Years ago I received a very nice compliment from a test manager who worked with me. He said, 'You're one of the most positive people I've ever worked for.'
'Oh?', I said, somewhat disappointed because I'd been trying for years to come across as a grumpy old man.
'Yeah, whenever we find a defect you say "Brilliant!" or "That's great news". Most project mangers act the exact opposite way.'
I said, 'Perhaps that's because they've got lots of defects. We have bugger all, so finding a defect means you're doing a good job and it means we have one less defect to find!'
Over time I've come to think we should treat obstacles - which, I guess, are just defects with our process or organisation - in much the same way. The obstacle was always there, we found it, now we can do something about it! Awesome news! This is how we knock the rough bits off the stones and make 'em all nice and pritty.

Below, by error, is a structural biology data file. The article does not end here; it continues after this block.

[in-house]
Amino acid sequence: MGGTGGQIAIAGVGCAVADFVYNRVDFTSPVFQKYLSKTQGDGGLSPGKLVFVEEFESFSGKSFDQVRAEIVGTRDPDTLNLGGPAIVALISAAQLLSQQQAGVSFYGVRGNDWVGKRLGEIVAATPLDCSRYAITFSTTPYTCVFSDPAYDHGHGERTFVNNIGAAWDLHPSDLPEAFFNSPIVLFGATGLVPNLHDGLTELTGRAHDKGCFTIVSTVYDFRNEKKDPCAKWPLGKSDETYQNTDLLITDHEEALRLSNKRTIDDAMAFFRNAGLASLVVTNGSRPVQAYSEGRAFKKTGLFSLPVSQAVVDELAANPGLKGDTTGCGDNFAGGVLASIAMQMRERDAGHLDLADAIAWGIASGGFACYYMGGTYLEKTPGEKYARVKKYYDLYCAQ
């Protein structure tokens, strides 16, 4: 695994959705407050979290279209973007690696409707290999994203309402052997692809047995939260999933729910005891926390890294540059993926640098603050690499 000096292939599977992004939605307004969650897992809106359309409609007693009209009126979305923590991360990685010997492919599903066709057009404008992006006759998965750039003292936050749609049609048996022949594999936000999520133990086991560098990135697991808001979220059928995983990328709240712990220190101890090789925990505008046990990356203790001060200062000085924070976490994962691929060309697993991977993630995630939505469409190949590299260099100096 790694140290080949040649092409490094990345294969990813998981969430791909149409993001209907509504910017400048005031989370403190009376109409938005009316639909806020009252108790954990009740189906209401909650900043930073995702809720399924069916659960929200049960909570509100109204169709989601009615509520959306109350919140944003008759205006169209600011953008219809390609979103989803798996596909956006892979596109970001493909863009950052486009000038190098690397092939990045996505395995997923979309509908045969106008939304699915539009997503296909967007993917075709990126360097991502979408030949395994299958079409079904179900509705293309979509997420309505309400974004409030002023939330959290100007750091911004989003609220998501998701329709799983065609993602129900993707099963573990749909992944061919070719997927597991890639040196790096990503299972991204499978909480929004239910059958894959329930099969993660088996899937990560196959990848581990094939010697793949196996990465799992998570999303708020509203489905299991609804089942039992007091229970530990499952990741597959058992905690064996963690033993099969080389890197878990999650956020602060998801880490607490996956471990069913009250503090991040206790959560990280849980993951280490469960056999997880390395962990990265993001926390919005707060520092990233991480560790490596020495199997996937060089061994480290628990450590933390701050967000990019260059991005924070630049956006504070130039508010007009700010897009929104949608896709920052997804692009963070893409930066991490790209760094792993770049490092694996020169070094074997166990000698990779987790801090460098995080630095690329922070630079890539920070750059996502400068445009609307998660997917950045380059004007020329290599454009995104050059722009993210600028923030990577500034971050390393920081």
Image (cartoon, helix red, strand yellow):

If you think about obstacles in the context of Teresa Amabile's Progress Principle - which says, basically, that people are more motivated and productive today if they felt they made progress at work yesterday, and they're demotivated and less productive if they didn't feel - then it makes sense to reframe finding obstacles and handling obstacles as acts of progress.
"What did you do at work today dear?"
"I got blocked by this big nasty blocker. I can't wait to get into work tomorrow and sort it out."